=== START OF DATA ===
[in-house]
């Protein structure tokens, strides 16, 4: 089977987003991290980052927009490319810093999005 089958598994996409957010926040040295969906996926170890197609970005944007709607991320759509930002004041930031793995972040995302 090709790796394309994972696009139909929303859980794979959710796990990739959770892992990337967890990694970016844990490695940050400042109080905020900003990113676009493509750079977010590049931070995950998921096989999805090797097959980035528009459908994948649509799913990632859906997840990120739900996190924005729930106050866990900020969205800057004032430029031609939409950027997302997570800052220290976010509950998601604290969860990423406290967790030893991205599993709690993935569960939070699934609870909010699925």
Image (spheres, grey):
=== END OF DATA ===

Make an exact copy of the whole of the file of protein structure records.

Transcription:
[in-house]
């Protein structure tokens, strides 16, 4: 089977987003991290980052927009490319810093999005 089958598994996409957010926040040295969906996926170890197609970005944007709607991320759509930002004041930031793995972040995302 090709790796394309994972696009139909929303859980794979959710796990990739959770892992990337967890990694970016844990490695940050400042109080905020900003990113676009493509750079977010590049931070995950998921096989999805090797097959980035528009459908994948649509799913990632859906997840990120739900996190924005729930106050866990900020969205800057004032430029031609939409950027997302997570800052220290976010509950998601604290969860990423406290967790030893991205599993709690993935569960939070699934609870909010699925």
Image (spheres, grey):